Police take road safety campaign to highways

The road safety campaign week continued, yesterday, on all highways countrywide as police officers engaged motorists and passengers on traffic rules and regulations to ensure behaviour change and promote road safety.

In the City of Kigali, officers educated passengers, drivers and motorcyclists on all highways leading to the capital.

The Deputy Inspector General of Police (DIGP) in charge of Administration and Personnel, Juvénal Marizamunda, while addressing passengers and drivers in Rugende along Kigali-Rwamagana highway, said that all road users have the right to be safe on the road and to arrive to their respective destinations safe, which calls for everyone’s responsibility to ensure that safety standards are observed.

“If your driver is drunk or using a phone while driving, you have a right to stop the vehicle and get out, and report that vehicle by calling the police on 112 and 113; your safety should come first,” DIGP Marizamunda told the passengers.

He added: “When you report risky behaviours of drivers, you are not only enforcing road safety standards but you are also saving lives, protecting property, and protecting the environment.”

He urged drivers to value their lives and those of people they’re transporting by regulating their speed, avoiding overtaking at sharp corners or hotspots, using a phone, and driving under stress or while drunk.

“You have families or people that depend on you, so are those people you transport. Also, remember that there are other people using the road; pedestrians, other vehicles, motorcyclists and cyclists, and everyone has to use the road safely respecting each other.”

Statistics indicate that fatalities caused by public services vehicles and trucks reduced from 40 per cent and 23 per cent, in the last four months compared to the same period last year.

About 38 per cent of all fatalities registered in the same period were either caused by or involved motorcyclists. Accidents caused by or involving motorcyclists increased by 15 per cent.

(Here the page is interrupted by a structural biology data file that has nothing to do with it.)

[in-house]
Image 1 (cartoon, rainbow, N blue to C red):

The deputy Police chief asked passengers to desist from littering roads – often through hurling objects through windows, which he said can cause accidents but also constitute an act of environment degradation.

One of the drivers, Saleh Sibomana, in an interview said that “being a driver is a job that should be given value like any other.”

“Both the person in an office and the driver wake up in the morning going to work because they both have goals; we both have families to support, children in school. When I lose my job my family gets affected, the same goes to when you get an accident or die. So, we have to respect the ethics and safety standards of the job,” Sibomana said.

He said that enforcement of the speed governor policy and continuous training of drivers on road safety standards in their respective travel agencies will also go a long way in preventing fatalities.

Similar road safety sensitisations were also conducted along Kigali-Musanze, Kigali-Bugesera and Kigali-Gatuna highways where senior police officers educated passengers on their rights while on the road, and the overall traffic rules and regulations.

The awareness campaign also involved putting stickers on cars and motorcycles and giving passengers fliers containing road safety messages.

The campaign continues this Saturday where road safety messages will also be delivered during Umuganda across the country.

The road safety week is part of an ongoing Police Week community development and crime prevention activities ahead of the Rwanda National Police 18th anniversary.

editorial@newtimes.co.rw

 

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